SME Business Guide

Acquisition of Dental Practices: Everything You Need to Know

Acquiring a dental practice is a significant investment and a complex process that requires careful planning, due diligence, and strategic decision-making. Here’s a comprehensive guide to everything you need to know about acquiring a dental practice.

1. Reasons to Acquire a Dental Practice

Established Patient Base:

  • Instant access to an established patient base and revenue stream.

Existing Infrastructure:

  • Avoids the time and cost of starting from scratch with office space, equipment, and staffing.

Brand and Reputation:

  • Benefits from the existing practice’s brand and reputation in the community.

2. Initial Considerations

Personal and Professional Goals:

  • Align the acquisition with your long-term career goals and personal aspirations.

Financial Readiness:

  • Assess your financial health, including credit score, savings, and debt-to-income ratio.


  • Consider the practice’s location in terms of accessibility, competition, and market demand.

3. Finding the Right Practice

Broker Services:

  • Dental practice brokers can help identify potential acquisitions and facilitate the process.

Industry Networks:

  • Use professional networks and dental associations to find opportunities.

Online Listings:

  • Browse dental practice listing websites and classified ads.

4. Due Diligence

Financial Due Diligence:

  • Financial Statements: Review profit and loss statements, balance sheets, and cash flow statements for the past 3-5 years.
  • Tax Returns: Examine business tax returns.
  • Accounts Receivable: Assess the quality and collectability of receivables.

Operational Due Diligence:

  • Patient Records: Analyse patient volume, demographics, and retention rates.
  • Staff: Evaluate staff performance, contracts, and satisfaction.
  • Equipment: Inspect the condition and value of dental equipment and technology.
  • Contracts and Leases: Review all contracts and leases, including property leases and vendor agreements.

Legal Due Diligence:

  • Licenses and Permits: Ensure all necessary licenses and permits are in place and transferable.
  • Compliance: Check for compliance with healthcare regulations and industry standards.
  • Legal Issues: Identify any ongoing or potential legal issues, such as lawsuits or regulatory violations.

5. Valuation of the Practice

Valuation Methods:

  • Income Approach: Based on the practice’s profitability and cash flow.
  • Market Approach: Comparison to similar practices that have recently sold.
  • Asset Approach: Valuation based on the value of the practice’s assets, including equipment, inventory, and goodwill.

Professional Appraisal:

  • Consider hiring a professional appraiser who specializes in dental practices.

6. Financing the Acquisition

Financing Options:

  • Traditional Bank Loans: Often offer competitive rates for qualified borrowers.
  • Specialized Dental Lenders: Lenders who understand the dental industry.
  • Seller Financing: The seller may finance part of the purchase price.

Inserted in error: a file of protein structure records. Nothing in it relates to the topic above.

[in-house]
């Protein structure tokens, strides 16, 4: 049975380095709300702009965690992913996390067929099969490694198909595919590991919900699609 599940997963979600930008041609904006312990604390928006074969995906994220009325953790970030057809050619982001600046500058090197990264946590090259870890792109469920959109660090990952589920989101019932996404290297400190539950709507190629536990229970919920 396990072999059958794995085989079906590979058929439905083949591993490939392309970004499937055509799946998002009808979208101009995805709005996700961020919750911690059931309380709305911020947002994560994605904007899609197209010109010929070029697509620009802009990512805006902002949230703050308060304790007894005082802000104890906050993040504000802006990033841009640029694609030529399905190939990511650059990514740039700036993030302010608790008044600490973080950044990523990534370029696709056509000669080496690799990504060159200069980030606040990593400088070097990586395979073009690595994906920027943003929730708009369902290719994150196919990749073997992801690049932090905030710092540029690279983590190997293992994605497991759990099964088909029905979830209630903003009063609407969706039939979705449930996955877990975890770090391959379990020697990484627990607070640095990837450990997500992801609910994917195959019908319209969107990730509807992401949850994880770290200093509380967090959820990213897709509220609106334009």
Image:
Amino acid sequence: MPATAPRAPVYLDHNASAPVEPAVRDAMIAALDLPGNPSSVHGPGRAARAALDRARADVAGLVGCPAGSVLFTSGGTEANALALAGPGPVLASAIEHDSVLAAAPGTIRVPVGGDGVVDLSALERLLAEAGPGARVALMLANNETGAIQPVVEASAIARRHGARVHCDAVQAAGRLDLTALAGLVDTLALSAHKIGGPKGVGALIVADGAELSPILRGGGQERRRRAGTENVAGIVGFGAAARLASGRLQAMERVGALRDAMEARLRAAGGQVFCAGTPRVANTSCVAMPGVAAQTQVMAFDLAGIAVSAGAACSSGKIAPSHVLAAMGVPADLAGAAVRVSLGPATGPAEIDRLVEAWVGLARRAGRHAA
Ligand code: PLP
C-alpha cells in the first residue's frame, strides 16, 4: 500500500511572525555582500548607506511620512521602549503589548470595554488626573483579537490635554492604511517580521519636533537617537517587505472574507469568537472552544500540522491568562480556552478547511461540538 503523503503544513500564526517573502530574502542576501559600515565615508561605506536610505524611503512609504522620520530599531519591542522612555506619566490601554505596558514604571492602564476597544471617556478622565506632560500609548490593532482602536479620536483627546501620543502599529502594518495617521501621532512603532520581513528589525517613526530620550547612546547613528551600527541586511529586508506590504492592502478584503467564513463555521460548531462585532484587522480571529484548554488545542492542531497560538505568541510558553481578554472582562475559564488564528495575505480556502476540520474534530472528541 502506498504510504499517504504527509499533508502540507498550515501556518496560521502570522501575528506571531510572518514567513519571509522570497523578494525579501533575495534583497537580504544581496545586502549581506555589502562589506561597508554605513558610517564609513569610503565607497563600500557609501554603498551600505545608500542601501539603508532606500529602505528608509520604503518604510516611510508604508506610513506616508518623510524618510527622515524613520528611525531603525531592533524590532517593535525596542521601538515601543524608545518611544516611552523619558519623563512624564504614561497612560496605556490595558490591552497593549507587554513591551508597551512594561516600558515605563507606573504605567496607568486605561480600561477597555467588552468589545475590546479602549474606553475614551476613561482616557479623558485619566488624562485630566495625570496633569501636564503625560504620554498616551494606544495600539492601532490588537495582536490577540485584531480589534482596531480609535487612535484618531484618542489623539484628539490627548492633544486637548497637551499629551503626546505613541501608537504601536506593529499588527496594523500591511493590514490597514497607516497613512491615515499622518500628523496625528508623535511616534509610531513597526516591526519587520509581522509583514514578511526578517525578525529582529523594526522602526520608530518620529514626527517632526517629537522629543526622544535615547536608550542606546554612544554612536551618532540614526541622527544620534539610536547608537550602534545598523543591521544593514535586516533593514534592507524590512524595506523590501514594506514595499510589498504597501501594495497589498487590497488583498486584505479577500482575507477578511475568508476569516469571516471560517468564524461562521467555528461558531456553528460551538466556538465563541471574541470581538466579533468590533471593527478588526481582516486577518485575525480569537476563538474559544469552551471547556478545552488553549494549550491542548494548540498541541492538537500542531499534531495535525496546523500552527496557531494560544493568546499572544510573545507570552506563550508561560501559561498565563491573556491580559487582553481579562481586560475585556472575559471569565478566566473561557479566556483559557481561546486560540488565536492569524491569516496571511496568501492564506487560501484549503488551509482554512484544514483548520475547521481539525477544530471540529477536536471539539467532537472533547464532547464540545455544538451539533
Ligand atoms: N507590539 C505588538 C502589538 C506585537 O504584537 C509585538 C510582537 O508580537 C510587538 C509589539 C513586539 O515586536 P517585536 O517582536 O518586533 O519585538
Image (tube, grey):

Preparation for Financing:

  • Business Plan: Develop a comprehensive business plan.
  • Financial Projections: Provide detailed income, expense, and profitability forecasts.
  • Personal Financial Statement: Include an overview of your financial health.

7. Negotiating the Purchase Agreement

Key Elements:

  • Purchase Price: Negotiate a fair purchase price based on the valuation.
  • Assets Included: Specify the assets included in the sale, such as equipment, inventory, and patient records.
  • Non-Compete Clause: Ensure a non-compete clause is in place to prevent the seller from opening a competing practice nearby.
  • Transition Period: Agree on a transition period where the seller assists with the handover to ensure a smooth transition.

8. Closing the Deal

Legal Review:

  • Have an attorney review all agreements and documents to ensure legal compliance and protect your interests.

Finalizing Financing:

  • Complete the loan application process and secure the necessary financing.

Signing the Agreement:

  • Sign the purchase agreement and any other required documents.

9. Post-Acquisition Considerations


  • Staff Communication: Communicate with staff about the acquisition and address any concerns.
  • Patient Communication: Inform patients about the transition and assure them of continued quality care.
  • System Integration: Integrate practice management systems and processes.

Business Development:

  • Marketing: Develop and implement a marketing strategy to attract new patients and retain existing ones.
  • Service Expansion: Consider expanding services to meet patient needs and increase revenue.

Continuous Improvement:

  • Feedback: Regularly seek feedback from patients and staff.
  • Professional Development: Invest in continuing education and professional development for yourself and your team.


Acquiring a dental practice is a significant and multifaceted process. By conducting thorough due diligence, securing appropriate financing, and carefully planning the transition, you can successfully acquire a practice that meets your professional goals and sets the stage for long-term success. Always seek advice from experienced professionals, including financial advisors, brokers, and legal experts, to navigate the complexities of the acquisition process.